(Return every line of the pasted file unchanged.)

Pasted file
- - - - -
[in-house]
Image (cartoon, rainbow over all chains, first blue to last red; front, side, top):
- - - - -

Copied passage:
[in-house]
Image (cartoon, rainbow over all chains, first blue to last red; front, side, top):